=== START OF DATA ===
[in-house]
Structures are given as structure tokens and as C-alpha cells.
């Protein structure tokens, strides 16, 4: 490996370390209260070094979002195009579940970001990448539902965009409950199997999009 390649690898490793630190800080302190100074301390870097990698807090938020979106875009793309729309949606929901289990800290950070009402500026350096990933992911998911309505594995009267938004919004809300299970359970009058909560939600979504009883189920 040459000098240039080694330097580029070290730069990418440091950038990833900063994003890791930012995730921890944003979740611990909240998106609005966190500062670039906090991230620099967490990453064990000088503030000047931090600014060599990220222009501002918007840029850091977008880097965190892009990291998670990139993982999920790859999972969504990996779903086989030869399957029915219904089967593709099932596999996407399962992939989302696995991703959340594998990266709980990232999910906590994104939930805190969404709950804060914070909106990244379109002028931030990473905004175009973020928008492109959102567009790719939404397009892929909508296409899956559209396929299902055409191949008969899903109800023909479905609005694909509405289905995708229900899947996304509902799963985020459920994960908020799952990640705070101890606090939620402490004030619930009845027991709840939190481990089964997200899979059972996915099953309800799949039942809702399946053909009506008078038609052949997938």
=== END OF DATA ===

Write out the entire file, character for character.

[in-house]
Structures are given as structure tokens and as C-alpha cells.
């Protein structure tokens, strides 16, 4: 490996370390209260070094979002195009579940970001990448539902965009409950199997999009 390649690898490793630190800080302190100074301390870097990698807090938020979106875009793309729309949606929901289990800290950070009402500026350096990933992911998911309505594995009267938004919004809300299970359970009058909560939600979504009883189920 040459000098240039080694330097580029070290730069990418440091950038990833900063994003890791930012995730921890944003979740611990909240998106609005966190500062670039906090991230620099967490990453064990000088503030000047931090600014060599990220222009501002918007840029850091977008880097965190892009990291998670990139993982999920790859999972969504990996779903086989030869399957029915219904089967593709099932596999996407399962992939989302696995991703959340594998990266709980990232999910906590994104939930805190969404709950804060914070909106990244379109002028931030990473905004175009973020928008492109959102567009790719939404397009892929909508296409899956559209396929299902055409191949008969899903109800023909479905609005694909509405289905995708229900899947996304509902799963985020459920994960908020799952990640705070101890606090939620402490004030619930009845027991709840939190481990089964997200899979059972996915099953309800799949039942809702399946053909009506008078038609052949997938």